Subscribe to CIO Magazine »

A bright future for Linux in Australia: IDC

Linux to benefit as companies build private cloud infrastructure

“Linux is here in the prime time,” according to IDC Australia research director Matt Oostveen. The analyst, speaking at the Sydney leg of SuseConf Australia, said that the operating system is “accelerating in the Australian marketplace”.

“In 2011 I was predicting that one in every five servers shipped in the Australian marketplace would be a Linux server and this was a fairly provocative prediction,” Oostveen said.

“There were some -- I won’t mention names – Seattle-based software companies that were arguing this fact and didn’t believe this was going to be happening. And I will tell you, it happened and it happened much sooner than I expected. It happened in June of 2011. My forecasting said it was going to happen in August or September.

“A really strong amount of Linux uptake occurred in a very short period. So one in four servers shipped in the Aussie marketplace now is a Linux server.”

Oostveen said that by looking at Linux server shipments as a portion of revenue, it was clear that the ASV – average selling value – of Linux servers was above the market average. “And what of course I can extrapolate from that is that Linux is running more enterprise mission-critical and business-critical workloads than [its] Windows counterparts,” the analyst said.

As data centres move towards housing dense racks of servers powered by smartphone-style low-power, low-voltage processors – so-called “skinless servers” -- to run cloud infrastructure, IDC believes that in many cases Linux will be tapped to run them.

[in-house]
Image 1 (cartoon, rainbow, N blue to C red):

“The other thing we’re going to need if we’re going to have skinny servers is have a very skinny, nimble operating system,” Oostveen said. “And we believe at IDC that Linux is going to be the operating system of choice when we start building out these new infrastructures.”

In the more immediate term, Linux is benefitting as IT departments embark on migration efforts in an attempt to be rid of legacy applications and platforms. Linux is the least likely operating system to be migrated away from. By way of contrast, IDC has seen more organisations ditching Unix in favour of Linux.

Join the CIO Australia group on LinkedIn. The group is open to CIOs, IT Directors, COOs, CTOs and senior IT managers.

More about: IDC, Linux
Comments are now closed.
Related Coverage
Related Whitepapers
Latest Stories
Community Comments
Tags: Linux, open source, Cloud, cloud computing
Latest Blog Posts
  • The CIO Paradox
    As there are timeless leadership principles underlying IT value, there are unfortunately also timeless challenges that thwart the IT organisations efforts and make for a rocky path to CIO success. These are the inherent contradictions we call the CIO Paradox.
    Learn more »
  • The Future of IT: From Chaos to Service Automation
    Technology has become the heart and soul of every business, but IT workload and system complexity become more challenging. This whitepaper details the future of IT, the major challenges facing CIOs, and the three ways to transform IT so CIOs can lead the way.
    Learn more »
  • Empowering Modern Finance - The CFO as Technology Evangelist
    The CFO as Technology Evangelist is a research report commissioned by Oracle and Accenture, in collaboration with Longitude Research, that explores how modern CFOs and finance executives are adopting emerging technologies within their finance functions to enable the development of new capabilities and to transform the role of finance.
    Learn more »
All whitepapers
rhs_login_lockGet exclusive access to Invitation only events CIO, reports & analysis.
Salary Calculator

Supplied by

View the full Peoplebank ICT Salary & Employment Index